I COULDN’T RESIST.
After I posted yesterday’s blog, Who stole John 5:4?, a friend of mine—Steve Grisetti—posted an intriguing reply. He asked about another missing part of the Bible, which survives only in the King James Version and its modern-lingo cousin the New King James Version.
This isn’t just any missing part of the Bible.
This is the ONLY part of the Bible that, clear-as-day, supports the idea of the Trinity — three Gods in one.
Without it, the best we’ve got is three Gods, not necessarily in one:
“Make disciples of all nations. Baptize them in the name of the Father and of the Son and of the Holy Spirit” (Matthew 29:19 NIRV).
But what we find in the KJV and its kin is one particular verse that rubber-stamps the Christian teaching that God is three in one.
Sadly, it’s a rubber stamp we won’t find in any other Bible.
Take a look at how verses 7-8 read from the New King James Version, compared to a couple of other versions that most scholars agree are more reliable.
Dark type in the NKJV is what’s gets the ax in the better Bibles, with apologies to the publisher of the NKJV.
“For there are three that bear witness in heaven: the Father, the Word, and the Holy Spirit; and these three are one. And there are three that bear witness on earth: the Spirit, the water, and the blood; and these three agree as one” (1 John 5:7 NKJV).
Here’s how those verses read in two other translations:
“There are three that testify: the Spirit and the water and the blood, and these three agree” (New Revised Standard Version, a scholar’s favorite).
“There are three that give witness about Jesus. They are the Holy Spirit, the baptism of Jesus and his death. And the three of them agree” (New International Reader’s Version, for kids like me).
So, what in the dickens is that bold phrase doing in the God’s Honest Truth KJV? And why isn’t it in most other Bibles?
Short answer: the KJV got it wrong.
So did the NKJV, again with apologies to the publisher who continues to provide care and nurture for those joined at the hip and the stiff upper lip with the KJV.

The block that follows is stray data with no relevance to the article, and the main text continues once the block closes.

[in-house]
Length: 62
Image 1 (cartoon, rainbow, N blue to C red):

As Bible historians explain it, the KJV translators used an unreliable source.
It all started with a well-intentioned editor who had no idea what he was talking about.
That’s the beginning of my paraphrase of Bible historians.
This editor—perhaps an ancestor of editors I could identify by name but probably shouldn’t, though I so want to—read the original Greek words and thought, “What the heck?”
They didn’t make sense. They weren’t clear enough. They needed some editorial help.
So the editor, editing his life away perhaps several centuries after John wrote the original words, added his explanation to help John out a bit.
You’re welcome, John.
The editor simply inserted what Christians believed about the Trinity, as though that’s what John was talking about in those verses.
Actually, the editor more likely added his phrase into the margin, like a note we’d find in a study Bible. If so, it didn’t stay there. It ended up as part of the verse.
This is all theory, by the way—educated guesses from educators who guess all the time and sound quite smart while doing it.
Danged if the editor’s add-on didn’t end up in some form or another in the Vulgate Bible (birthday, late AD 300s).
That’s a Latin translation revered by Catholics from pope to peon. Latin was the native language of the Romans.
When a Catholic priest named Erasmus (1466-1536) decided to put the New Testament back into its original language of Greek, he lost a bet. To pay up, he had to include this inflated verse in his translation—which he did, adding a note of protest. He pulled the phrase from later editions of the New Testament.
Sadly, KJV translators in the early 1600s based their work on a lost bet: material that drew from one of Erasmus’ early editions.
That’s how the phrase wormed its way into the KJV Bible which, ironically, needs edited because of it. That’s if the majority opinion of Bibles is any indication.
Scholars translating Bibles today have older, more reliable copies of the New Testament to draw from. Some date back to the AD 100s.
Pitifully few of those old copies picked up that editor’s phrase, which scholars call the Comma Johanneum, and we normal people might call the Trinity Add-on. Or maybe John’s Comma Inserted by a Clueless Editor.
Out of thousands of ancient copies of the New Testament, the Trinity Add-on appears in three, oddly enough. From centuries 12, 15, and 16.
Those three, scholars say, were inserted by scribes who drew from the Latin Vulgate translation instead of copies made from older Greek editions.